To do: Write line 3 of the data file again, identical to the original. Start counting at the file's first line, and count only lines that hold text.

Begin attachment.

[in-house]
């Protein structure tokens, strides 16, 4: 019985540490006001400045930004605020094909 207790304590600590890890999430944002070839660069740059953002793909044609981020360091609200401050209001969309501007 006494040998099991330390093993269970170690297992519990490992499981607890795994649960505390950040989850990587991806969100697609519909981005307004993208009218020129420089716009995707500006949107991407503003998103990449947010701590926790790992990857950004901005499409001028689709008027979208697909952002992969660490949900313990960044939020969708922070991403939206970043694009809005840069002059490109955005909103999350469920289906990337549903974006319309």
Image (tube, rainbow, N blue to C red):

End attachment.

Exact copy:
Image (tube, rainbow, N blue to C red):